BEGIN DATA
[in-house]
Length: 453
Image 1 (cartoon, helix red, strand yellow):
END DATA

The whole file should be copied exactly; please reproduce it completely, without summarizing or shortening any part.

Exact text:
[in-house]
Length: 453
Image 1 (cartoon, helix red, strand yellow):